Welcome to our continuing series of Code Project interviews in which we talk to developers about their backgrounds, projects, interests and pet peeves. In this installment we talk to Sebastien Lambla, consultant, blogger, teacher and open-source developer.
Who are you?
I’m Sebastien Lambla, I’ve been a Londoner for 8 years and I’m an independent consultant, working with various clients in London to improve their architecture and development methodologies.
What do you do?
I can’t talk about specific projects, but we did a few cool things lately. One project was a composite development framework to bring tab-browsing with process isolation to WPF developers, together with a deployment platform based on OpenWrap. Lately we’ve been working on mapping components to display those lovely maps and associated graphics to Silverlight using OpenRasta.
My main two open-source projects are OpenWrap, an alternative package manager that has been in the .NET sphere for two years-ish, and OpenRasta, the most widely used alternative web framework on .NET. All this is MIT licensed and free as in beer.
What is your development environment?
I do my dev at all on a MacBook Pro with as much memory as it can take, a 256GB SSD drive and a 30" Apple Cinema Display (which is, sadly, a discontinued format, but one am in love with). It all runs Windows 7 (I’m not a big fan of OS X).
My dev server is a quad-Xeon machine with 8 hard drives and lots and lots of VMs that I use to run my environments, Active Directory and a few other niceties.
Moving forward, I’m mostly interested in the idea of portable templates: how do you model the binding between HTML views and templates transparently between server and client, cross-platform?
Moving forward a bit, WinRT and the new C++ that comes with it on Windows 8 is on my list of things to study and work on.
What is your coding pet peeve?
My pet peeve is people that have pet peeves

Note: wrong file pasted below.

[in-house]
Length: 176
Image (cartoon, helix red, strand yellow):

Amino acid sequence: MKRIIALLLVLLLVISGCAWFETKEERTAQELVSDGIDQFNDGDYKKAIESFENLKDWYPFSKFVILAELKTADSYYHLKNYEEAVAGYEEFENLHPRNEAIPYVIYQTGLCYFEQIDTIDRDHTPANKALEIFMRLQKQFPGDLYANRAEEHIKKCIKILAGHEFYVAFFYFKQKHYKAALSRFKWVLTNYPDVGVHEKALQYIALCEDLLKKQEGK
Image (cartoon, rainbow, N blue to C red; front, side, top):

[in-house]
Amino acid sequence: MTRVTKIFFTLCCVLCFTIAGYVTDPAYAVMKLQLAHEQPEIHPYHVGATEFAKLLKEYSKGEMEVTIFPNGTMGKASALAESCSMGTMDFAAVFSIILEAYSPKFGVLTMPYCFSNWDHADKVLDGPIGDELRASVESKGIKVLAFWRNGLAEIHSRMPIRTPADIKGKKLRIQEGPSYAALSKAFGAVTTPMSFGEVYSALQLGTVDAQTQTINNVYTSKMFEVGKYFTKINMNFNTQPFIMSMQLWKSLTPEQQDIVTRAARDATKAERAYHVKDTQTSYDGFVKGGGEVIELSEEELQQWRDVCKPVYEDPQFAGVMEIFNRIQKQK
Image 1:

For my own projects, I tend to have a very terse coding style – things that are the default I tend to remove.
I also don’t enjoy much the amount of white space people leave horizontally, mostly due to my 30" screen. I always have three coding windows side-by-side, and a 120 character limit helps a lot keeping things sane.
The only thing that annoys me is people leaving code commented out. I tend to aggressively remove stuff that ought to not be there. That is, after all, why we have source control.
But to be frank, how the text is written is rarely the main problem. I have a lot more pet peeves in object-oriented design, TDD, architecture and code quality than I do in the actual formatting of code.
How did you get started programming?
The first computer I owned was an Atari 1024 ST with BASIC on it, when I was 7. I tried and failed at coding on it. I was much more interested in games, watching the telly and going to the beach with my friends.
Offline communities have changed my coding style, architectural understandings and opinions on the software industry massively. Nothing can replace the talks you attend or give, the interactions with other developers and the constant feedback you get from attending those events. I was always opiniated, but the interaction with other developers gave me a completely different perspective on what software development ought to be.
I am, of course, on Twitter, which I resisted for a long time, due mainly to laziness. You can find me at @serialseb, usually in discussions about ReST archtiectures, .NET and OSS development. I have a few projects on github where I spend most of my available time committing code.
All my OSS projects have also moved their support to StackOverflow, so that’s where I spend what time I have left.
What advice would you offer to an up-and-coming programmer?
Find a Jedi Master to teach you and hang around as long as you can, learn as much as you can. Code, code and when you’re done, code some more. It’s only once you’ve been through a couple of complex projects with the guidance of others that you’ll really become proficient. And never forget that at every step of your career, you’ll always have new Jedi Masters to hang out with, so embrace all opportunities.
Like everything else in life, learn to be critical of the world around you. Your vendor is there to sell you their products, not to make you better developers. Embrace the fact and don’t let yourself become a slave to marketing. It’s the same in all industries but it’s an important part of being a great developer.